Recent studies have revealed that innate immunity is involved in the development of adaptive immune responses; however, its role in protection is not clear. In order to elucidate the exact role of Toll-like receptor (TLR) or RIG-I-like receptor (RLR) signaling on immunogenicity and protective efficacy against influenza A virus infection (A/PR/8/34 [PR8]; H1N1), we adapted several innate signal-deficient mice (e.g., TRIF-/-, MyD88-/-, MyD88-/- TRIF-/-, TLR3-/- TLR7-/-, and IPS-1-/-). In this study, we found that MyD88 signaling was required for recruitment of CD11b+ granulocytes, production of early inflammatory cytokines, optimal proliferation of CD4 T cells, and production of Th1 cytokines by T cells. However, PR8 virus-specific IgG and IgA antibody levels in both systemic and mucosal compartments were normal in TLR- and RLR-deficient mice. To further assess the susceptibility of these mice to influenza virus infection, protective efficacy was determined after primary or secondary lethal challenge. We found that MyD88-/- and MyD88 -/- TRIF-/- mice were more susceptible to primary influenza virus infection than the B6 mice but were fully protected against homologous (H1N1) and heterosubtypic (H5N2) secondary infection when primed with a nonlethal dose of PR8 virus. Taken together, these results show that MyD88 signaling plays an important role for resisting primary influenza virus infection but is dispensable for protection against a secondary lethal challenge.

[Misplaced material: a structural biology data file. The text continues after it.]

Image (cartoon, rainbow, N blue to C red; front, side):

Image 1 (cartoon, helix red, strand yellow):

All Science Journal Classification (ASJC) codes
- Insect Science